clock menu more-arrow no yes mobile

Filed under:

The Chicago Cubs (other) MVP

Sometimes it takes an old timer to get a bunch of young stars to where they’re supposed to be

MLB: St. Louis Cardinals at Chicago Cubs Kamil Krzaczynski-USA TODAY Sports

When the Chicago Cubs won the World Series in 2016, they did it with incredible balance. They ranked first in offensive WAR at 36.4 according to FanGraphs and were ranked fourth in wRC+ at 106. Their pitching was similarly elite, fifth in WAR at 20.5 and fifth in FIP at 3.77. When one side of the ball failed them they were buoyed by the other.

That offense itself was lifted by a pair of MVP candidates in Kris Bryant (the ultimate winner) and Anthony Rizzo with their near identical wRC+ (148 and 145 respectively) and some other solid performers. In 2018, that team-wide balance isn’t quite so present, even as the Cubs make the postseason again, with yet another MVP candidate.

That man, Javier Baez, is having a career year. But beside him, and in some ways outperforming him, is an old standby in the “overlooked” category, Ben Zobrist. For yet another year, Zobrist has found himself an integral piece in a Joe Maddon- helmed squad.

Zobrist is, in a word, ageless. Here we have a 37-year old player, ostensibly five or six years past his prime, playing like he’s 27 and posting a 124 wRC+. Actually, he’s out-hitting his 27-year old self by the thinnest of hairs - he logged a 123 wRC+ in 67 games that year - and he’s still the same uber-valuable super-mega-sub player he’s always been.

For this alone, he’s demonstrating a value the Cubs would be nearly lost without. Baez has gone nuclear, but they have needed a steadying force that Zobrist has been in the offense with their two biggest stars having such down years (Rizzo at 125 wRC+, Bryant at 126), and their two corner outfield spots either having platoon problems or being a merely league average bat.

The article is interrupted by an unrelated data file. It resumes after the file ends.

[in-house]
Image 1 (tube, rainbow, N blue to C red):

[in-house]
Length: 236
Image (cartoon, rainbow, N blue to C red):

This is what the Cubs need. Right now they can’t quite compete with the combination of might and depth of a lineup like the Dodgers, but they do have perhaps the second deepest lineup in the NL. Four of their players including Zobrist own a wRC+ above 120, and six top 110. This includes the recently acquired Daniel Murphy’s 117 as a Cub, though he’s posting a 110 wRC+ for the balance of the season.

Compare that to the Dodgers’ sheer power (two guys over 150, seven over 120 and ten topping 110), the the Brewers (three and five including Curtis Granderson’s whole season), Rockies (three and five) and Braves (two and four), you see a piece of the greater image of how these teams are winning. The Cubs don’t need to out-slug other teams, but they can certainly grind out at-bats and keep pitchers on their toes. Without Zobrist, that’s much harder to do.

He’s going to be a central figure in their October plans, it’s just figuring out where. While their true MVP candidate is ensconced at shortstop, Addison Russell’s suspension didn’t allow Zobrist to take over there, even if the Cubs would have been perfectly comfortable with that. The almost vanity move for Daniel Murphy (it never hurts to have more bats, of course) means Zobrist displaces a corner outfielder. This year he’s played both positions, 414 innings in right and 127 in left.

So, depending on what the Cubs value in the Wild Card game (an perhaps the NLDS should they make it) he’s going to make either a great glove or a loud bat sit on the bench. Personally I lean toward the glove in a small sample size situation like a one-game playoff, since a single hit can change the game. Of course, that one hit can be a bloop single dropping in front of a lackluster outfielder, so it’s a tough gamble.

There’s no real rhyme or reason why he’s still so good. It’s not how age works. We thought anyway. The Cubs are blessed to have him though. And as great as Baez has been at the plate, the Cubs probably wouldn’t be where they are without the versatility and, frankly, excellence of Zobrist. They wouldn’t have won a championship without him two years ago either. Neither would the Royals, a year before that. He’s not a flashy guy at all. But he’s showing this year, one more time, he might be the perfect baseball player.

Merritt Rohlfing writes all things baseball at Beyond the Box Score and Indians-focused at Let’s Go Tribe, among other places, and podcast at Let’s Go Tribe as well. Follow him on Twitter @MerrillLunch.